"I had pipe dreams thinking, ‘Maybe people might respond to this.’ I was really naïve. It was just a lot bigger than I thought it was going to be [and] has far exceeded what I thought was possible," says Carruth of winning at Sundance, as well as garnering the Alfred P. Sloan Prize for advancing science and technology in film.
With Primer, Carruth chose to use the simplified "red pill, blue pill explanations" to demonstrate how far the rabbit hole goes. This adds to the lab coat-and-beaker feel of the story’s premise and begs the question: Will the science layman moviegoer have any chance of comprehending the engineers’ techie-talk, which provides the foundation for the film’s back story?
"It was important to me that what [the characters are] saying [onscreen] is real and based on the real world," says Carruth. "Those scenes are written with information about the politics of the group and who’s enthusiastic about what; who’s proprietary," he says while pointing to the human nuances of the characters he drew for his film.
"The hope was that even if they’re humming, [then] it’s propelling the story – you’re learning something," Carruth continues. "I didn’t want someone to come in and go, ‘Now give it to me in [plain] English’ and then someone else delivers some [hackneyed] metaphor for what they’re actually doing."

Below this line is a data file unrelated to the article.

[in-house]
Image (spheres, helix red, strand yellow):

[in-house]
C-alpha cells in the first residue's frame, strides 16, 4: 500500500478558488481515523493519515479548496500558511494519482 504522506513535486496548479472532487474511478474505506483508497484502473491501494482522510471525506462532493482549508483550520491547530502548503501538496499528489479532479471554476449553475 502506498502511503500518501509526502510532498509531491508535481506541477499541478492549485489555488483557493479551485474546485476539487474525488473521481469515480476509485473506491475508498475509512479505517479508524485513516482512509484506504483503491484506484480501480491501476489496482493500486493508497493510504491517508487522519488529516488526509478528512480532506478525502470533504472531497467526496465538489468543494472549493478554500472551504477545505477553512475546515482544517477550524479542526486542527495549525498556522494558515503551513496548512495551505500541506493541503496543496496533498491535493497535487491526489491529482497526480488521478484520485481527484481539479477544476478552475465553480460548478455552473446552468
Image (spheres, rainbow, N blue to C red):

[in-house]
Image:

"I needed this device to heighten the risk," he adds, referring to the film’s time travel machine. "When I got to the part about it affecting time, not only did it satisfy the theme but it also seemed like there were a lot of things to do with it that I hadn’t seen before."
According to Carruth, one thing that’s always bothered him about time travel movies is the shift into Einstein-based subject matter after the story picks up at one point, and then floats into another. "If you [were to] jump back a day, you would find yourself in an empty space because of the amount of distance that the earth has moved since yesterday," he says matter-of-factly. "It seems like any time you are going to address moving in time, you’ve got to address space. And it doesn’t help that space and time are considered part of the same fabric. So coming up with the analogy of how I thought this [machine] would work in the real world, had this weird logic to it that was interesting to me."
Placing all Dr. Bunsen Honeydew and science fiction what-ifs aside, the theme of Carruth’s film posits an ethics-based storyline that points a finger at what Abraham Lincoln called "the better angels of our nature." As Carruth sees it, shooting the movie involved more than taking a leap of fantasy.
"As I get older, I think I need to find a way to understand why people do bad things [to one another]," he says. "I knew that I was going to have [to tell] this story. I was interested in it because it seemed very universal. Whether you’re talking about politics or power structures. … This is something to me that is worth exploring and talking about."